Another church we visited was a church made up of mostly young believers. Many of them came from a rehabilitation center for heroin addicts. They had been set free from the addiction. They worship with a freedom and abandon. These people are free and thankful because they know the captivity of not having a relationship with Jesus.

 Going to church, Russia style Members of the Baptist Church of Novokuznetsk arrive for the Sunday morning worship service, a few by car, most on foot. The church meets in a large, old renovated house. Seen behind is the new brick church building that is u

LifeWay photo

GOING TO CHURCH, RUSSIA STYLE Members of the Baptist Church of Novokuznetsk arrive for the Sunday morning worship service, a few by car, most on foot. The church meets in a large, old renovated house. Seen behind is the new brick church building that is under construction. As the funds come in, the work on the interior will be completed.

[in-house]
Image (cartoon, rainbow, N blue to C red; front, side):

Conversation time

I forget how interested people worldwide are in learning English. We spent two evenings at the public library where we sat at tables and invited local people to come and practice their English with us. While we weren't allowed to overtly share the Gospel, we were allowed to answer questions about why we had come to Novokuznetsk. By the time we left, I think most people understood.

This was a great time to meet some of the city's young adults. They were happy to practice and hear us speak. One young lady, when asked why she wanted to learn English, said that she had to learn the language to be successful in business. I laughed to myself thinking about Russians learning English words with a Southern drawl.

Sharing allowed

While we had a certain freedom to share our faith in Russia, common sense was called for.